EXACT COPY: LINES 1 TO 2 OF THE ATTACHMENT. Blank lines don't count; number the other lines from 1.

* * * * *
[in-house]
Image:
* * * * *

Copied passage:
[in-house]
Image: